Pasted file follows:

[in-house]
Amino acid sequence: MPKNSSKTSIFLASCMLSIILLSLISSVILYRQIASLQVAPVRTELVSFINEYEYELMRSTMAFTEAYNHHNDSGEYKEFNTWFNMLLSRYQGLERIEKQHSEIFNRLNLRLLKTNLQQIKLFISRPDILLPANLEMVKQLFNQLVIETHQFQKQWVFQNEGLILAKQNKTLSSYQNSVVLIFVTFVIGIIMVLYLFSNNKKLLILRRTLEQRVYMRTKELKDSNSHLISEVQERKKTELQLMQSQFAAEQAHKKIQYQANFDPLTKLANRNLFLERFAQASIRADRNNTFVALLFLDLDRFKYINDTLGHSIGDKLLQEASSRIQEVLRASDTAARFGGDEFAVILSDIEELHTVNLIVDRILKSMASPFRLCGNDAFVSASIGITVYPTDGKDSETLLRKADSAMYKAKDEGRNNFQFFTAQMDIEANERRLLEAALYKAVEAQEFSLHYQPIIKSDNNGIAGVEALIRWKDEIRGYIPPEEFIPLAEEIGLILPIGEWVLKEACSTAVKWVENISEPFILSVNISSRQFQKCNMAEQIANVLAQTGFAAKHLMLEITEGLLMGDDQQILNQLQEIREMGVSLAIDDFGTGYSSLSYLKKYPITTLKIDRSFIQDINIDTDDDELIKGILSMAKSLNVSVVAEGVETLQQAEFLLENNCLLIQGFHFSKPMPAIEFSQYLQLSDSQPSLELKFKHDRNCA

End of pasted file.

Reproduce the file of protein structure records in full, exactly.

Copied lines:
[in-house]
Amino acid sequence: MPKNSSKTSIFLASCMLSIILLSLISSVILYRQIASLQVAPVRTELVSFINEYEYELMRSTMAFTEAYNHHNDSGEYKEFNTWFNMLLSRYQGLERIEKQHSEIFNRLNLRLLKTNLQQIKLFISRPDILLPANLEMVKQLFNQLVIETHQFQKQWVFQNEGLILAKQNKTLSSYQNSVVLIFVTFVIGIIMVLYLFSNNKKLLILRRTLEQRVYMRTKELKDSNSHLISEVQERKKTELQLMQSQFAAEQAHKKIQYQANFDPLTKLANRNLFLERFAQASIRADRNNTFVALLFLDLDRFKYINDTLGHSIGDKLLQEASSRIQEVLRASDTAARFGGDEFAVILSDIEELHTVNLIVDRILKSMASPFRLCGNDAFVSASIGITVYPTDGKDSETLLRKADSAMYKAKDEGRNNFQFFTAQMDIEANERRLLEAALYKAVEAQEFSLHYQPIIKSDNNGIAGVEALIRWKDEIRGYIPPEEFIPLAEEIGLILPIGEWVLKEACSTAVKWVENISEPFILSVNISSRQFQKCNMAEQIANVLAQTGFAAKHLMLEITEGLLMGDDQQILNQLQEIREMGVSLAIDDFGTGYSSLSYLKKYPITTLKIDRSFIQDINIDTDDDELIKGILSMAKSLNVSVVAEGVETLQQAEFLLENNCLLIQGFHFSKPMPAIEFSQYLQLSDSQPSLELKFKHDRNCA